For example, in Advancing into Analytics we take advantage of two free downloads from companies built atop open source: RStudio Desktop to work with R, and the Anaconda distribution of Python.

RStudio
Anaconda

That’s the wild thing about open source: because the intellectual property is so loose, there’s plenty of opportunity for people to build commercial enterprises right atop it in ways that could get hairy with proprietary software.

Volunteer community

Another major difference (and this one is important for data analysts to keep in mind) is that historically, open source projects were maintained solely by volunteers. There’s not necessarily an official support channel or ticket you can file with these products.

Now, fortunately the market is providing for some solutions here — for example, many of the aforementioned “business of open source” companies will provide paid support licenses. There’s also been more visibility into the support and long-term planning of open source projects.

But it’s still something data analysts should perhaps consider before using open source on a project: things may be more fragile, and if something goes wrong they may need to be a bit more self-reliant in troubleshooting.

The do-it-yourself ethos runs high in open source in general, but that also brings about a large and vocal community. Open source users, developers and advocates can be opinionated and maybe a bit bossy to outsiders, but perhaps that’s because they are quite personally invested in these projects. We’ll talk a bit more about the organization of open source in a bit. But first, a bit more history.

The bad blood is over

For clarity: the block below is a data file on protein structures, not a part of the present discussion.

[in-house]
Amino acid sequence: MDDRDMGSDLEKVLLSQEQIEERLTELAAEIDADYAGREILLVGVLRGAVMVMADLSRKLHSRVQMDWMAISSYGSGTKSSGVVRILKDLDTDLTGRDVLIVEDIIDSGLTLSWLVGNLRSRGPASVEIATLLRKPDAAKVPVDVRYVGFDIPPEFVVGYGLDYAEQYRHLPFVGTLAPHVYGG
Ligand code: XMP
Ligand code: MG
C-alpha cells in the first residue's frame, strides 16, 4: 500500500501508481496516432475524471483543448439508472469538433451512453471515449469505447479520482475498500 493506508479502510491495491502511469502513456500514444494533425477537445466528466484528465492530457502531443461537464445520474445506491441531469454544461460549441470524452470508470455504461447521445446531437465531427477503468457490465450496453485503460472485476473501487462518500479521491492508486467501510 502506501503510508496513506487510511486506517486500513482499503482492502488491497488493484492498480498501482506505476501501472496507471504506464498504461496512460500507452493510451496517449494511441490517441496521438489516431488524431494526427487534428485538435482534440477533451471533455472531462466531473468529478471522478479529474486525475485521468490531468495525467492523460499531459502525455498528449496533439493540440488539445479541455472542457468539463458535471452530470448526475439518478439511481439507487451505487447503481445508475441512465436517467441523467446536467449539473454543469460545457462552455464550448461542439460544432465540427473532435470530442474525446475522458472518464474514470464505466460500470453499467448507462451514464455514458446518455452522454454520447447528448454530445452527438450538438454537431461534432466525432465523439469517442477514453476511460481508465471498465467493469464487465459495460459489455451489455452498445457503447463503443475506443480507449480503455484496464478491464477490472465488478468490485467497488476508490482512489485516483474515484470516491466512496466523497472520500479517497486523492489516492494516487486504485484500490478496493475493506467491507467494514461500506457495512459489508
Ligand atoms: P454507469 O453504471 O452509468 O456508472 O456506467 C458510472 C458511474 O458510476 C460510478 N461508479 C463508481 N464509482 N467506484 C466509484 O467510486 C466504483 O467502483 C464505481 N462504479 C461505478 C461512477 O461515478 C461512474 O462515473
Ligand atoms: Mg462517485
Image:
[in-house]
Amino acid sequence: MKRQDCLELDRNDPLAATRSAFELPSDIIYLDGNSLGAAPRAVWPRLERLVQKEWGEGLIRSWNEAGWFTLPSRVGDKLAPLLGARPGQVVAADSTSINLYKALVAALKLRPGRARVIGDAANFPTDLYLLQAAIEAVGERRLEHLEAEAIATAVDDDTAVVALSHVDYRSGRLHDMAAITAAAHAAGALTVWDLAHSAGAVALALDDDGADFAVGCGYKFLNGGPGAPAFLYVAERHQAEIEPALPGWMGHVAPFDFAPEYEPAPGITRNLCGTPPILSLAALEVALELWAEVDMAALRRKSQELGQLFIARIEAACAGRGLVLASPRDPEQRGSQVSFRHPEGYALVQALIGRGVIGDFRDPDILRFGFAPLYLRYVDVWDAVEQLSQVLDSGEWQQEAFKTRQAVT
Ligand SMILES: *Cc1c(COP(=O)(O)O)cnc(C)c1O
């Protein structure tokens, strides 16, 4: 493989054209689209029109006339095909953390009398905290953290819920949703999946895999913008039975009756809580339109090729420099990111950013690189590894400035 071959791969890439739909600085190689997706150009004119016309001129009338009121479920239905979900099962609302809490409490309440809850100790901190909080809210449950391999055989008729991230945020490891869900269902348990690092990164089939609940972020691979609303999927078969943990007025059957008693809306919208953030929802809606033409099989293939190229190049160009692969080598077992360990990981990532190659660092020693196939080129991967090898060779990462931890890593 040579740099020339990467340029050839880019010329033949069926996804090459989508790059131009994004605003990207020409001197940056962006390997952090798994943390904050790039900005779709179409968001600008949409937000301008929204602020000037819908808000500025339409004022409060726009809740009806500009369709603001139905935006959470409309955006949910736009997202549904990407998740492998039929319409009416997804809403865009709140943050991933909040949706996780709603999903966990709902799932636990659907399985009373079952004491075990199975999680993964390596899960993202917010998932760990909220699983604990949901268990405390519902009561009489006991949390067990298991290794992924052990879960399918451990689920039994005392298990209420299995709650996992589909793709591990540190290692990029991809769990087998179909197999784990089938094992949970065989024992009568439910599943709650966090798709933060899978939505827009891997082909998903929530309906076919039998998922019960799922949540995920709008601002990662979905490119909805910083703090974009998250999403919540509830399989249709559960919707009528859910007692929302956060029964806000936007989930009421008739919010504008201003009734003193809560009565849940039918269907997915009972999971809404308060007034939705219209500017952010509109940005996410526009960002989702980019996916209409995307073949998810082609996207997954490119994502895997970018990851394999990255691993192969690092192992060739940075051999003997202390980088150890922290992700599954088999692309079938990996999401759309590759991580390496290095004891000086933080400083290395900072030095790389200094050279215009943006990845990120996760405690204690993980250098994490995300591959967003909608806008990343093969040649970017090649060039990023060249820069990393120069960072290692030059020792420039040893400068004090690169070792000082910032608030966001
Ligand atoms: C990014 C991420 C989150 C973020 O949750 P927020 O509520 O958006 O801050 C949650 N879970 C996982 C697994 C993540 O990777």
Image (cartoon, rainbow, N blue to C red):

Perhaps one of the most significant reasons data analysts hadn’t been using open source tools until recently is that Microsoft didn’t want them to! Nearly as soon as he’d co-founded Microsoft, Bill Gates wrote a famous “open letter to hobbyists” denouncing the rampant unauthorized distribution of software.

Perhaps Gates had a point, as this distribution more or less amounted to piracy. But what about software that was designed to be redistributed for free? Microsoft didn’t like that either, with later CEO Steve Ballmer in 2001 declaring the open source operating system Linux as a “a cancer that attaches itself in an intellectual property sense to everything it touches.”

Flash forward a few years and Microsoft admitted it was wrong on open source; among other actions, it’s released a full Linux kernel for Windows and has open sourced many of its own products like Visual Studio Code and PowerShell.

In fact, it’s even been said on more than one occasion that Microsoft ♥ Linux

The holiday rom-com we deserve…

Microsoft admitted there are many things admirable about open source, and that many open source projects offer features that complement their own quite nicely.

For example, Power BI supports R and Python for data visualization, data cleaning, machine learning and more. In fact, I have a course on R for Power BI users course for you to check out if you’re interested:

And, as mentioned earlier, there are now ways to work with JavaScript and Excel Online. As I like to say, Microsoft wouldn’t be spending millions of dollars to make these tools available if there weren’t any benefit to using them. Admitting the benefits of these open source tools is a win for everyone.

It moves quickly